It will also support the advocacies of industry body STEM Matters, of which Ahern is the CEO. 

“There’s definitely a hunger from within the STEM sector, and from the wider community to hear from the experts and be inspired by the progress and results in meeting the biggest challenges that we face as a society. The Brilliant plugs that knowledge gap,” said Ahern.

The plan calls for The Brilliant to be published as a free newsletter, with paid advertisers to follow if readership grows.

Catching up with David Hague on the Australian Videocamera journey

By Seamus Byrne in Media News on

 

David Hague is an industry stalwart and has been carving his own path with his Australian Videocamera website and e-magazine for a good long time now. We asked him a few questions to help catch us up on his approach and how the efforts have been going.
 
How long have you been running in this format now? How often has it been tweaked along the way?
About 7 years now. Major tweak was going from web only to jointly with an interactive approximately monthly PDF once I discovered how to embed video into a PDF as a streaming file (NOT an easy task!). Adobe tell me they have made this easier in the latest updates of InDesign and I am investigating this now.
 
We have also changed from the original monthly magazine template designed web hosting system to a flexible WordsPress one (3 years ago). We did a brief flirt with a name change to Film Video and Virtual Reality (and the website still reflects this behind the scenes) but it didn’t have the right “ring&rdq

Stock assumes Weekend Herald-Sun editor spot

By Jonas Lopez in Media News on

The Melbourne Herald-Sun has appointed Dan Stock as its new weekends editor.

The remit calls for him to focus on celebrity profiles and new lifestyle material relatable to Victoria readers.

He has been with the paper for over six years, primarily as Victoria food and restaurant writer. 

He also contributes for Delicious.com.au.

Follow Stock on LinkedIn.

Kitchin opens new publishing firm

By Jonas Lopez in Media News on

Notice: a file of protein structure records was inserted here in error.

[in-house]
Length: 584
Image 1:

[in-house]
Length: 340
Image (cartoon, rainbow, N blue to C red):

Magazine editor Sido Kitchin is going forward with a new company called School Road Publishing (pictured).

The company is slated to produce four new titles in print and digital form starting October 2020. 

School Road will be Kitchin’s first major undertaking since wrapping up as editorial director of New Zealand Woman’s Weekly, Australian Women’s Weekly, Woman’s Day, and Lucky Break when Bauer Media closed down its NZ division. 

Former Bauer Media ANZ CEO Stanley Dykzeul has agreed to be School Road’s new consultant.

“I know how much New Zealanders love magazines, taking them into their hearts and homes across generations. It’s a buoyant market for mags right now and in a COVID world, readers are relishing the comfort, connection and inspiration they bring. I’m thrilled to have this opportunity to create fresh, new titles that will enhance Kiwi lives with 100 percent locally-generated content and I look forward to anno

In praise of sub-editors

By Seamus Byrne in Media News on

 

Throughout my two decades in the media they’ve been under threat from tightening budgets and leadership that doesn’t much care for finesse work. So here’s a quick shout out to those unsung heroes of the industry – the sub-editors.
 
I’ve had a lucky run over the years to have worked with subs at Next Media, Allure Media, CBS Interactive, and ScienceAlert. That’s a pretty amazing run through an awful lot of my career – and through periods when subs were being dropped out of budgets all over the industry.
 
Like all the best support roles in this world, most people only notice a sub when they weren’t there to save an egregious error from being missed in plain sight. But a good sub can do so much more than just fix a few words and point out mistakes.
 
Subs can be guardians of style, champions of voice and flow, and trusted advisors when you really want to make a feature sing. What is missing? What needs more substa

Pezeshki joins Chattr

By Jonas Lopez in Media News on

Ariana Pezeshki has signed on with young-adult content platform Chattr as its sub-editor.

She had previously written for Happs and was recently a freelance reporter for Pacific Magazines.

Follow Pezeshki on LinkedIn.

5 minutes with Alex Walker

By Seamus Byrne in Media News on
Alex Walker joins Influencing this week for our latest 5 Minutes, with plenty of thoughts on his journey through journo land.
 
What do you do and where does your work appear?
I'm the editor of Kotaku Australia, and all my stuff appears on https://www.kotaku.com.au
 
Anything else in your career you’ve been known for?
I basically led all the gaming coverage for ABC Technology + Games, I've written for PC Powerplay, Cybershack, games.on.net when that was around. Main thing was doing a lot of esports coverage for the first decade of my career, but my job now requires me to be more of a generalist. Before that, I used to run a lot of esports -- just gaming in those days -- tournaments around Sydney, which was a great experience.
 
What did you really want to be when you were growing up?
An astronomer!
 
Which story or stories are you most proud of?
Writing about drugs in esports, an interview with my Discord impersonator, breaking local stories th